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Together the ensemble produces a nine-tune set that does full justice to a dialectic of harmonic truth.

Music Review: Curtis Nowosad – ‘Dialectics’

Dialectics, a term usually associated with philosophical analysis, makes for a kind of odd title for a jazz album. Even when it comes to philosophy, it is a term with a lot of possible meanings—referring to methodology as diverse as the juxtaposition of opposing ideas to arrive at truth to Socratic questioning. In choosing Dialectics as the title of his quintet’s latest album, drummer Curtis Nowosad must have had something in mind; the question is what. He doesn’t say, at least as far as Kevin Sun’s fairly extensive liner notes are concerned. Sun talks about concepts like “straight-ahead” jazz and something called “neo-hard bop,” but says nothing about dialectics. Nowosad, like many a serious musician, leaves the music to speak for itself.

Listening to Nowosad’s music, if you think of dialectics as the emergence of a truth from the union of diverse voices, in that sense, it is an apt description of the most traditional of jazz experiences—diverse voices combining in the pursuit of a harmonic truth, or even more generically an aesthetic truth. The voices in this case belong to the saxophones of Jimmy Greene (whose wonderful album Beautiful Life, celebrating the life of his daughter who was killed in the Sandy Hook shooting, came out last year), the trumpet of Derrick Gardner, the acoustic bass of Steve Kirby, and the piano of Will Bonness. Together the ensemble produces a nine-tune set that does full justice to such a dialectic of harmonic truth.Dialetics cover idea 1 002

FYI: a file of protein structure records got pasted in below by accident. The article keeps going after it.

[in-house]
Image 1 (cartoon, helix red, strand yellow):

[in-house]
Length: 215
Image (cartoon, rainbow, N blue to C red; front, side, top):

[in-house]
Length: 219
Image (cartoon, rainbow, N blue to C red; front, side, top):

Six of the tracks are original Nowosad compositions, but they start the set with the Wayne Shorter hard bop classic “Speak No Evil.” Gardner and Greene have extended hot solos and Nowosad has a drum highlight. The other covers are an Afro-Cuban arrangement of Monk’s “Bye-Ya” and the album’s closer, the standard “I Remember You.”

The title song, at eight minutes, is the longest of the tracks on the album. It features exciting solo work from both Gardner and Greene once again, although it must be said that this is true of their work throughout the album. “Empirically Speaking” and “159 & St. Nick” are bop movers, while “Reconciliation” is an intense ballad introduced by Bonness. “A Casual Test” plays with the blues and “Gleaning & Dreaming” works with waltz rhythms.

Dialectics is set for a March 17th release. Meanwhile you can sample “Speak No Evil” on Nowosad’s website.

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